Leonard L. Berry, PhD; Kathleen Seiders, PhD; Susan S. Wilder, MD
Acknowledgments: The authors thank Frank Davidoff, MD, Executive Editor, The Institute for Healthcare Improvement, and 3 anonymous reviewers for their detailed and constructive suggestions on earlier drafts of this paper. The guidance of Jane Roessner of The Institute for Healthcare Improvement Publications Group is appreciated, as is the research assistance of Ann Mirabito and Jed Grisel, students in Texas A&M University's marketing PhD program and medical school, respectively.
Potential Financial Conflicts of Interest: None disclosed.
Requests for Single Reprints: Leonard L. Berry, PhD, Department of Marketing, Mays Business School, Texas A&M University, 4112 TAMU, College Station, TX 77843-4112; e-mail, BerryLe@tamu.edu.
Current Author Addresses: Dr. Berry: Department of Marketing, Mays Business School, Texas A&M University, 4112 TAMU, College Station, TX 77843-4112.
Dr. Seiders: Carroll School of Management, Boston College, Fulton Hall, 4th Floor, Chestnut Hill, MA 02467.
Dr. Wilder: Mayo Thunderbird Family Medicine Center, 13737 North 92nd Street, Scottsdale, AZ 85260.
To receive health care, patients with nonemergent problems must gain access to a complex, interdependent ambulatory care system currently structured around the conventional office appointment model. The system does not effectively accommodate diverse patient needs and preferences, contributing to both overuse and underuse of health care resources. A patient-centered access model would help patients secure appropriate and preferred medical assistance when and where it is needed. Characteristics of patient-centered access include availability, appropriateness, preference, and timeliness. One or more of these characteristics often is missing in patients' health care experiences.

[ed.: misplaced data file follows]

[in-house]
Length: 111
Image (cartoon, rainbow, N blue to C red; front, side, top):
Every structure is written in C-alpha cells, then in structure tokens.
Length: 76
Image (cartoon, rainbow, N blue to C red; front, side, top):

The goal of this paper is to present patient-centered access as an integrated concept and philosophy to provide context for evaluating specific access initiatives. On the basis of an assessment of existing literature, 3 organizing principles of patient-centered access are proposed and discussed: work at the high end of expertise; align care with need and preference; and serve when service is needed. Patient-centered access warrants serious consideration, given the stakes involved for patients, providers, and payers. Few concepts support all 6 of the Institute of Medicine's aims for the 21st century: safety, effectiveness, patient-centeredness, timeliness, efficiency, and equitability. Patient-centered access is such a concept.
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Berry LL, Seiders K, Wilder SS. Innovations in Access to Care: A Patient-Centered Approach. Ann Intern Med. 2003;139:568–574. doi: 10.7326/0003-4819-139-7-200310070-00009
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Published: Ann Intern Med. 2003;139(7):568-574.
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